Financial experts say one should continue to live like a grad student even after starting work to avoid lifestyle inflation. I took this advice to heart when I graduated from law school. I maintained my 18-year old car and rented a one-bedroom apartment in the ‘burbs in a 1970s-era building. Much of my income was spent killing my student loans, nesting and building a corporate wardrobe.
Fast forward six years to today and I’m car-free and in a cheaper apartment. I still wear the corporate wardrobe I bought at the start of my career. I am typing this on the couch I bought off Craigslist for $40 when I moved into my first apartment. The money I spent on loans is largely moved toward investments.
All the while, my income has increased by 25%.
Turns out, lifestyle deflation can creep up as easily as lifestyle inflation.
I didn’t make any one of these choices principally to save money. Some of them were forced upon me. I needed to find a new apartment because I thought I was moving in with my fiance. I totaled my car. New couches are crazy expensive. Still, I definitely thought that at this point in my life I would be living it up. Designer clothes, a nicer car, fancy new furniture.
I could easily upgrade my lifestyle. There’s more money in my bank accounts than ever before. A large part of my lifestyle deflation is that I haven’t really thought to change my lifestyle. Whereas other people look around and see how much more they spend now than before, I look around and see the same stuff I always had. I didn’t plan for this to happen but it just did. The money-saving habits I needed and thus developed when I was making an entry level salary just naturally carried themselves to the low-cost lifestyle I lead today. It’s true what John Dryden says:
We first make our habits and then our habits make us.
Ok, this doesn’t seem like a problem, right?
Dig a little deeper and I am not attached to any of my stuff. Back when I was engaged and planning a life with my fiance, I had planned to get rid of all this stuff . Almost two years ago now, I had made a spreadsheet of all my possessions in anticipation of my fiance moving to the area. And because my stuff admittedly, kind of sucks, we would get nicer things. It’s always been in the back of my head that I don’t need to buy new stuff because I would eventually combine with someone else. And if someone’s stuff got thrown away, I wouldn’t mind it being mine.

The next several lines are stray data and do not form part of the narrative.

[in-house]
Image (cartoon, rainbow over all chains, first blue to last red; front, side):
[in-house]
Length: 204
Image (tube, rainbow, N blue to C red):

Buying new stuff for me means that I’ve given up hope of combining it with someone else. When I think of replacing my couch, I think about how I was going to toss this $40 couch anyway in favor of my fiance’s $1500 Crate and Barrel one. When I think about my 10-year old towels, I think of his fancy Egyptian cotton ones, ever-white with bleach.
So there’s a little hesitation from shopping there. I guess it makes sense not to upgrade my furniture if that triggers a message in my lizard brain that “all is lost and I’m going to die alone!”
But then again, even if I bought a new couch, I would continue to think about these things. Buying the couch doesn’t mean I’m more or less actualized, more or less over my lizard brain. I have thought of replacing ye old couch and realized that I wouldn’t even be a little excited about the promise of a new couch.
I think ultimately, whether you mean to or not, your lifestyle reflects where your heart ultimately lies. Whitney Cummings wrote that during her snowboarding lesson, she remembered clearly the instruction that your body goes where your feet are pointed.
Likewise, your lifestyle goes where your eyes are pointed.
I have never really yearned for a fancy apartment. I have never wanted a closet full of expensive clothes. My main goal has always to have a less stressful lifestyle. My feet have always been pointed to a life of simplicity and that’s probably why I look around and, instead of finding new Egyptian white cotton towels, I find these old towels I stole from my parents a decade ago.
But they still keep me warm.
Have you experienced lifestyle deflation?